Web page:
My guess is 2 and 3 are the hardest, or at least would be for me without any deliberate regulation of my behavior.

Not positive if the author distinguishes between simply used versus literally pulled out of the trash and restored, but either way the difficulty there is time and timing. I know a few people who have very interesting collections of furnishings they paid very little in $ for as an example, but they also spent countless hours at garage sales and flea markets and auctions over decades to put it together, activities that to me generally feel like an enormous waste of time. Regarding timing, if there's something I decide I "need" I usually lack the patience to wait around until I can find a good solution outside of the consumerism infrastructure. Trying to anticipate future needs in advance causes the IMNTSD gene to purr which is another reason I simply avoid shopping in all forms as much as I can.

I'm finding books to be one of my areas of worst offense in terms of micro-hoarding, and they are getting difficult to get rid of. I suppose I need to make the ebook transition but there's a tactile satisfaction/ritual to books that reading a screen lacks. Clothes, surprisingly were another one. My wardrobe that would qualify as "look respectable in a public setting" has always been spartan, but as they wear down I relegate them to work (around the house/yard) duty and ultimately the rag pile when suitable only for that. I think I've parted with a 100-year supply of rag material preparing for my next move.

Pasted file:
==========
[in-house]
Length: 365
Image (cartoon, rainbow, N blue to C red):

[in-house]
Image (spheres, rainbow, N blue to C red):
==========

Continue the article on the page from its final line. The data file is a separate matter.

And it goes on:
I'm very attracted to the idea of reuse/reclaiming/repurposing and have that on my official list of retirement pursuits. But when I'm honest with myself, I recognize I increasingly feel the clock ticking and suspect I won't ever invest the time to do anything meaningful about it.